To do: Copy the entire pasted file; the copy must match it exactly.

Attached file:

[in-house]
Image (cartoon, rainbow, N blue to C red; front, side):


[in-house]
Image (cartoon, rainbow, N blue to C red; front, side):